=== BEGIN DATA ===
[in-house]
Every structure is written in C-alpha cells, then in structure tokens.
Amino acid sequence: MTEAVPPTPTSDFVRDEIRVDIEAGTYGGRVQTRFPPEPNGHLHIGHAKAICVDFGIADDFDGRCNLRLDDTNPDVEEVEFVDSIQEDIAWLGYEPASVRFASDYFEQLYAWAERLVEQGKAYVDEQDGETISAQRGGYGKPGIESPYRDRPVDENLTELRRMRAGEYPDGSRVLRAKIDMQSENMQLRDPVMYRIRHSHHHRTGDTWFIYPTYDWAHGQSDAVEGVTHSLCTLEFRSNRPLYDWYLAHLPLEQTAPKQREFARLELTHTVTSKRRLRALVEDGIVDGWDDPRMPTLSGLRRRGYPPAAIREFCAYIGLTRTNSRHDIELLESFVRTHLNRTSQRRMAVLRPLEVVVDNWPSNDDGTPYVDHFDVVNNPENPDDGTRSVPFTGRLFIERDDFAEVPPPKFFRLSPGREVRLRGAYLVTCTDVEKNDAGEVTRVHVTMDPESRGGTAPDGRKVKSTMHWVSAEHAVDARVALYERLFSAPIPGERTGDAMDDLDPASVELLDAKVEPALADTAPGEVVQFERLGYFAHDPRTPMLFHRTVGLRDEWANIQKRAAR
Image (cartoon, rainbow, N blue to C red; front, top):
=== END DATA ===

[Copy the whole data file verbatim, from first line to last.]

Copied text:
[in-house]
Every structure is written in C-alpha cells, then in structure tokens.
Amino acid sequence: MTEAVPPTPTSDFVRDEIRVDIEAGTYGGRVQTRFPPEPNGHLHIGHAKAICVDFGIADDFDGRCNLRLDDTNPDVEEVEFVDSIQEDIAWLGYEPASVRFASDYFEQLYAWAERLVEQGKAYVDEQDGETISAQRGGYGKPGIESPYRDRPVDENLTELRRMRAGEYPDGSRVLRAKIDMQSENMQLRDPVMYRIRHSHHHRTGDTWFIYPTYDWAHGQSDAVEGVTHSLCTLEFRSNRPLYDWYLAHLPLEQTAPKQREFARLELTHTVTSKRRLRALVEDGIVDGWDDPRMPTLSGLRRRGYPPAAIREFCAYIGLTRTNSRHDIELLESFVRTHLNRTSQRRMAVLRPLEVVVDNWPSNDDGTPYVDHFDVVNNPENPDDGTRSVPFTGRLFIERDDFAEVPPPKFFRLSPGREVRLRGAYLVTCTDVEKNDAGEVTRVHVTMDPESRGGTAPDGRKVKSTMHWVSAEHAVDARVALYERLFSAPIPGERTGDAMDDLDPASVELLDAKVEPALADTAPGEVVQFERLGYFAHDPRTPMLFHRTVGLRDEWANIQKRAAR
Image (cartoon, rainbow, N blue to C red; front, top):